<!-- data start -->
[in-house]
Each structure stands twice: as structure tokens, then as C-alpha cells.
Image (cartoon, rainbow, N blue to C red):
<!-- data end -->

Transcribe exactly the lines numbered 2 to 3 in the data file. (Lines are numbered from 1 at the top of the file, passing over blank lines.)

Each structure stands twice: as structure tokens, then as C-alpha cells.
Image (cartoon, rainbow, N blue to C red):